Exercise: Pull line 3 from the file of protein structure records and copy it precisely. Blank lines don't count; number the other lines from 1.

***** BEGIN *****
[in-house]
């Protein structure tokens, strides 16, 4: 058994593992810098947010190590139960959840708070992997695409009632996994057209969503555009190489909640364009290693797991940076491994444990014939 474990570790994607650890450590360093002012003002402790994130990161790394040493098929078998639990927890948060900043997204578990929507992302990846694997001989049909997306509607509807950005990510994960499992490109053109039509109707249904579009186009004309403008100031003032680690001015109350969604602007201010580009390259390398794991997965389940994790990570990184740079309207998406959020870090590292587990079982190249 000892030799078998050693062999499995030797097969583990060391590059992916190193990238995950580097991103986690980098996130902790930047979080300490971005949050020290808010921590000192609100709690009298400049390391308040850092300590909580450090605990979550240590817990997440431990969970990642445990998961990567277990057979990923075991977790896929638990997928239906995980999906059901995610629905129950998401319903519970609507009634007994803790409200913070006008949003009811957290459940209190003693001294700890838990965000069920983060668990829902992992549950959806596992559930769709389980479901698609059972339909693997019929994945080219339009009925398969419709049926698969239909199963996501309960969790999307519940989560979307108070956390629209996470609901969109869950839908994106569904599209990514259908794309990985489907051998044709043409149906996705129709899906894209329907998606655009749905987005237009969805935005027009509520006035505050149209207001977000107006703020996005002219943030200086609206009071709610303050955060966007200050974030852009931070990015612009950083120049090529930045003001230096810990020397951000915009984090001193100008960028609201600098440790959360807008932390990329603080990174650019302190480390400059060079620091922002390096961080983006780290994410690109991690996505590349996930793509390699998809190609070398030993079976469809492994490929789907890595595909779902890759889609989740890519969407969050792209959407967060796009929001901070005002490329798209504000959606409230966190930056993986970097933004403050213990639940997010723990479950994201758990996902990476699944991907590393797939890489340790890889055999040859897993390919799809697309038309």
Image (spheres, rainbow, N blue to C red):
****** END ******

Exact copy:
Image (spheres, rainbow, N blue to C red):